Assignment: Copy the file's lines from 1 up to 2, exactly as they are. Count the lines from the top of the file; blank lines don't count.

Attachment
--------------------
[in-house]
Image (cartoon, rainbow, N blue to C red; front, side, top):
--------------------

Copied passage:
[in-house]
Image (cartoon, rainbow, N blue to C red; front, side, top):